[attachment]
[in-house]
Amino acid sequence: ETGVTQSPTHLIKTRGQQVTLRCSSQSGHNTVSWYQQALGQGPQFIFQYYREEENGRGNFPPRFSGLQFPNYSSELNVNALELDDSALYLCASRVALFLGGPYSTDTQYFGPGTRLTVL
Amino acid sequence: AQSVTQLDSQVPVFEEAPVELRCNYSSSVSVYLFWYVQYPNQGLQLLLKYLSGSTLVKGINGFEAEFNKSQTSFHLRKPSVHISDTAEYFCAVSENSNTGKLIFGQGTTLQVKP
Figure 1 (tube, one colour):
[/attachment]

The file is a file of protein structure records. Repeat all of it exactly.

[in-house]
Amino acid sequence: ETGVTQSPTHLIKTRGQQVTLRCSSQSGHNTVSWYQQALGQGPQFIFQYYREEENGRGNFPPRFSGLQFPNYSSELNVNALELDDSALYLCASRVALFLGGPYSTDTQYFGPGTRLTVL
Amino acid sequence: AQSVTQLDSQVPVFEEAPVELRCNYSSSVSVYLFWYVQYPNQGLQLLLKYLSGSTLVKGINGFEAEFNKSQTSFHLRKPSVHISDTAEYFCAVSENSNTGKLIFGQGTTLQVKP
Figure 1 (tube, one colour):